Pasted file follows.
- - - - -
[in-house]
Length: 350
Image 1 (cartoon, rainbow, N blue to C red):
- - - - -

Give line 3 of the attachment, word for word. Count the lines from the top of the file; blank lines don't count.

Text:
Image 1 (cartoon, rainbow, N blue to C red):